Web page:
With all the Kharchenkos’ relatives in Russia, or Russian-annexed Crimea, there was nowhere else beyond the Tavriiske home for them to go. The couple say they can’t contact their children: Phone calls are now blocked to Crimea from Ukraine, and contacting relatives in Russia could put them at risk of suspicion of collaboration with the enemy. Apps such as WhatsApp are of little use to the vast majority of older Ukrainians such as Volodymyr and Tatiana, who don’t own or have access to smartphones. They have seen the two youngest great-grandchildren only in photos. Now they no longer even have those.

“The two of us, where do we return to?” Volodymyr asks. “There is no electricity, no gas. The windows can still be repaired. But nobody is going to repair the electricity and gas. How can we live there?”

spinner image a man walks on the grounds of the care home in Tavriiske
An older resident of the home walks through its lush gardens.

Many other older residents of the Tavriiske care home have similar stories. And yet they don’t want to leave. They are still recovering from one, or even two, traumatic moves. Here they can walk on the flowery grounds or down to the village shop. The staff who have stayed are friendly and caring. Volunteers help with essential supplies. There are several meals a day — that was the case even during the more than a week when there was no electricity: The staff cooked outside, over an open fire.

spinner image Mykola Kopeiko, 62, outside buildings of a care home in Tavriiske refugees from the embattled villages and towns, in Tavriiske village, Zaporizhia region, Ukraine.
“Here you’re on holiday,” says Mykola Kopeiko of the Tavriiske care home.

“Here we’re like in heaven,” says Mykola Kopeiko, sunning himself on a bench outside one of the buildings, making the best of a dreadful situation. A retired engineer and bus driver, he looks older than his 62 years; he had a tumor removed just before the war. After the operation, he was sent to his house in Orikhiv. Not long after, he went out in the garden to sun himself, just as he’s doing now. “And two Russian shells exploded nearby. I passed out. Then our soldiers took me to the hospital.”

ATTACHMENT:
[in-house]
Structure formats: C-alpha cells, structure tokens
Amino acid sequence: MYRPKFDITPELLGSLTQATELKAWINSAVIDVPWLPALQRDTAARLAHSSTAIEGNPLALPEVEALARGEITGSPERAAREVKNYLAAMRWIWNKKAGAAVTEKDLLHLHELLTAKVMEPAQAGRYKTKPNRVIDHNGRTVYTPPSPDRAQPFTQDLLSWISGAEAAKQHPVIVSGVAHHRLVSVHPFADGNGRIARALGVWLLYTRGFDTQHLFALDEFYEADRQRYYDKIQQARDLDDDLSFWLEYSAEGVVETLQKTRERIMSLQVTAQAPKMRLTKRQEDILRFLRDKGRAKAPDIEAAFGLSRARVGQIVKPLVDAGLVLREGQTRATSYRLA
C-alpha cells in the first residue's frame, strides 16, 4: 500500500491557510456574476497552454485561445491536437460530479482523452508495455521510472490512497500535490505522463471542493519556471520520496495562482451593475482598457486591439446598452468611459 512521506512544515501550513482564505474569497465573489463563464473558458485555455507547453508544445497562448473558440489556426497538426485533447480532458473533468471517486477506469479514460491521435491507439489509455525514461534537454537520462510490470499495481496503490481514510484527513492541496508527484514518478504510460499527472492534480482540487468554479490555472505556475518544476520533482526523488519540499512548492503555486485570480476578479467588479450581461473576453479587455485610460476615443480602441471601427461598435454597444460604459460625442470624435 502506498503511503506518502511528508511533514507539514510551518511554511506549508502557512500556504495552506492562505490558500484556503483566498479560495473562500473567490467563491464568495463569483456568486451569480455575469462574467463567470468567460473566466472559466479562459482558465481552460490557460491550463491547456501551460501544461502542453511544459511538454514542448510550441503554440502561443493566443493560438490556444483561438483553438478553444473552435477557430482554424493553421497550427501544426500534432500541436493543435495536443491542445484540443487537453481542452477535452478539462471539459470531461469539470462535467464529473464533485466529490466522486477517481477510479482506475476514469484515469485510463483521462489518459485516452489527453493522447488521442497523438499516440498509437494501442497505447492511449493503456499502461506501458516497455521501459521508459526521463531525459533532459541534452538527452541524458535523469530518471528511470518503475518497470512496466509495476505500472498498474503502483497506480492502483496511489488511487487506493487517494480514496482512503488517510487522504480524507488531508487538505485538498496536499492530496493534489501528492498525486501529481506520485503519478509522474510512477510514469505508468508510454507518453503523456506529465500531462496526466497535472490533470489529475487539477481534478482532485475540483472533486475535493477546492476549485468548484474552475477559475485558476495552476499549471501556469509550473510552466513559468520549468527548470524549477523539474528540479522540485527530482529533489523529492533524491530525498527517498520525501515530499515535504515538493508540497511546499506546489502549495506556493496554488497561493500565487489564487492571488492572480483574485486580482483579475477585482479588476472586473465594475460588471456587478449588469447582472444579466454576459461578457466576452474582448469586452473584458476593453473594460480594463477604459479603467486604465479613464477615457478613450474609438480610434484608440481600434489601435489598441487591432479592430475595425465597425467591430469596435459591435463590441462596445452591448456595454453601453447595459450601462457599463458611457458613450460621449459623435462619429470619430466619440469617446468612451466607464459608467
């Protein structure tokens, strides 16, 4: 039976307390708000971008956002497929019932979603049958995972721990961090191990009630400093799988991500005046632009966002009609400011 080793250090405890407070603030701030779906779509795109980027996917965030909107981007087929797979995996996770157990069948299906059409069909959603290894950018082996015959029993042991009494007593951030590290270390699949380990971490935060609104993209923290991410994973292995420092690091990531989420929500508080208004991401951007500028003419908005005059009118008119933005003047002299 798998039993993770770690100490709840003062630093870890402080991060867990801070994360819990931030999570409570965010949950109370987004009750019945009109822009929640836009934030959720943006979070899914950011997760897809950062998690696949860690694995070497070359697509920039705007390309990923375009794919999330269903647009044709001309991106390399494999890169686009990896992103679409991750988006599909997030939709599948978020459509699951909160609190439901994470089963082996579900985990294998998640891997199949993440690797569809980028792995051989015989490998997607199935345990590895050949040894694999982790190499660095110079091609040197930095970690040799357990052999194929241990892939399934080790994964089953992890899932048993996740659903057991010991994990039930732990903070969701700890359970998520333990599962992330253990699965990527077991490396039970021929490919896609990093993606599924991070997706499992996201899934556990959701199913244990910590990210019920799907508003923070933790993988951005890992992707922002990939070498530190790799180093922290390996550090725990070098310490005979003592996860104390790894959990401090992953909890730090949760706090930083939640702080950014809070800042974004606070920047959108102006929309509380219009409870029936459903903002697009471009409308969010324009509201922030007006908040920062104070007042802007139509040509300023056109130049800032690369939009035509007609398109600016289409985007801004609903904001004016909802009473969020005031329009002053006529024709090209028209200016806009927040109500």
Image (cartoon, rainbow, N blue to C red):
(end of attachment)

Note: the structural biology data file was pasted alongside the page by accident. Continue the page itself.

The next thing he knew, the hospital in Orikhiv was hit. “The door just blew out. I don’t remember what happened next. I passed out again. Well, now I’m here. Where do I go? Where should I go? Afterward, if there’s no war, I’ll go somewhere. To some relatives, friends.”

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spinner image Lida, 76.
Kopeiko’s friend Lida also evacuated Orikhiv for Tavriiske.

The house in Orikhiv, built by his parents (who died before the invasion), is a burned-out shell. He lost his phone when his house was destroyed, so he lost all his phone contacts, including for a cousin in Zaporizhzhia. In the care home he has found Lida, 76. “The war introduced us, and now we’re like relatives. We look after each other.”

But the peace in Tavriiske is fragile. The village has been shelled, and the regular thud of nearby artillery destroys any illusion that residents’ conversations with a visiting journalist are merely benign small-town gossip.

“We’re scared,” says nurse Ludmila Osetska when we leave the home. “Because no one knows what will happen tomorrow. Or what kind of tomorrow it’ll be.”

spinner image Residents are loaded onto buses.
In June, buses and ambulances arrived at the Tavriiske care home to move residents to a safer area.